National Treasure, a surprise box office hit from Hollywood, demonstrates once again the embarrassing gap between cultural elite and the general public.
This splendid adventure movie starring Nicholas Cage drew overwhelmingly negative reviews, and leading critics even predicted its commercial failure. Ordinary moviegoers, however, have expressed gratitude for the film — a clever romp with a patriotic heart and a family friendly "PG-rating," spinning an enjoyable yarn about a treasure map left by the founding fathers on the back of the Declaration of Independence.
Well, Medved doesn't provide any citation of critics who predicted the film's failure, for one thing. Nor does he provide any backing for his statement that National Treasure has made "twice what the experts said it would" -- which experts? I'm sure some did, but so what? Few of the critics I read ever bother to offer predictions as to what's going to be a hit and what's not, since (a) they've been around long enough to know that you can't predict this stuff, and (b) they know that their job is to give their opinion as to what should be a hit, not what will be a hit. In fact, my favorite critic, Roger Ebert, has long admonished readers to pay no attention to the horse-race nature of the box office results.
But also, Medved doesn't provide any kind of context for his scathing mention of the "cultural elite" -- who is it? Is it the Hollywood that actually made a film like National Treasure? The mainstream company, Pixar, that made the current hit The Incredibles? What independent "cultural elite" company made The Polar Express?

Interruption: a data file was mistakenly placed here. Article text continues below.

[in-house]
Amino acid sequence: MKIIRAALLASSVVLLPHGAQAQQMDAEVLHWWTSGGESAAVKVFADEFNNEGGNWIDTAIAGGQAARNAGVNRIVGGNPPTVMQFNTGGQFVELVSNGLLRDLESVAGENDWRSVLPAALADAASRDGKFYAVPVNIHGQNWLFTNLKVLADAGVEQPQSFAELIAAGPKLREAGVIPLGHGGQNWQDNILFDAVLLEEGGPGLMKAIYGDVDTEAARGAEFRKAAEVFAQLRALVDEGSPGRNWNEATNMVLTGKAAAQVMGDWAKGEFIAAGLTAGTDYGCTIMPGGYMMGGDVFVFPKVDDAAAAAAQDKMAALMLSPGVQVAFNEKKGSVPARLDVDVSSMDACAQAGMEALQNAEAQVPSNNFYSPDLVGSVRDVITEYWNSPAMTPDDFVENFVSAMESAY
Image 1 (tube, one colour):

Medved's piece is just idiotic. There have always been plenty of family-friendly movies, most of which actually do tank at the box office. Quick: who's seen Whale Rider? A Little Princess? The Secret Garden? How many families, starved for wholesome entertainment, bothered to track down screenings of The Iron Giant or Spirited Away? The idea that there is a great untapped market out there is an endearing myth -- if the market really existed, then surely that market would snap up the tons of available product in droves. The market doesn't do that.
And that's probably the dumbest thing about Medved's article: the attempt to discern some kind of cultural trend, or at least a black eye for the "cultural elite", because -- gasp! -- the critics panned a movie that turned out to be popular. Well, anyone who's ever actually perused the box office returns knows that this isn't a new phenomenon; in fact, it's almost a given that at least two of the top five movies in any given week's box office results will be films that the critics hated. And it's been that way forever: just look at the current all-time box office champs. There are more than a few movies in there that I don't recall the critics exactly admired. I'll bet Medved himself even panned a few of them. (Hell, The Phantom Menace is number five, and the critics and the audiences alike hated that film!)
Try again, Michael.
(And btw, I have every intention of renting National Treasure when it comes out on DVD.)